Reports of extensive damage are emerging from parts of Vanuatu struck by Cyclone Harold yesterday, but communication with much of the battered region is proving difficult.
Winds in excess of 230km/h tore across the country's northern and central islands, and heavy rain has damaged many roads and food gardens.
The cyclone, still a category five, is slowly moving away from the country towards Fiji, providing an opportunity for assessment flights to begin.
Phone communication is down to many affected islands - Maewo, Pentecost, Ambae, rural Santo, and others - which sustained the cyclone's full force overnight.
On Santo, where Harold first made landfall yesterday, damage is understood to be extensive.
Already, pictures sent from the region have told a grim tale; a large ship shunted ashore by ferocious waves; palm trees splintered and stripped of colour; rivers spilling over banks and into villages, forcing residents to flee in the backs of utes; roofing iron being thrown across towns.
In Santo's main town, Luganville, a local MP, Matai Seremaiah, said initial reports suggested about 50 to 70 percent of buildings in the town were damaged, with hundreds sheltering in evacuation centres.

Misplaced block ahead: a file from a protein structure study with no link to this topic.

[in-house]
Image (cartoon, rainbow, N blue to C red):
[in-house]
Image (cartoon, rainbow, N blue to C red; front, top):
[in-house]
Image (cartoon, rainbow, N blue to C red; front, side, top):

"Power is down, there are problems with water, and I think there are dire needs now for shelter systems," Mr Sermaiah told RNZ Pacific from Port Vila, the capital, which was largely unaffected.
"It's bad. It's really bad."
Luganville has been cut off from the wider Santo area by flooding, landslides and debris. Some reports from the southwest corner of Santo, where the cyclone made first landfall, indicate severe damage, but communication is yet to be made with much of the island.
Mr Seremaiah said he had managed to speak briefly with someone in the Big Bay area on satellite phone. They reported a grim tale.
"All the shops are damaged, they can't move at the moment because all the rivers are overflowing, the crops are really damaged," he said.
"We also haven't got any reports from the outer islands which the cyclone went over last night."
Mr Seremaiah said assessment flights will hopefully be able to start later today as the cyclone moves away, but it's likely significant assistance would be needed.
A spokesperson for Vanuatu's caretaker prime minister, Charlot Salwai, said the council of ministers would be meeting today to decide the government's next steps, and a decision would be made on whether to ask for international help.
That would involve relaxing the country's border restrictions, with the country effectively sealed off under a state of emergency to prevent the spread of Covid-19 to Vanuatu.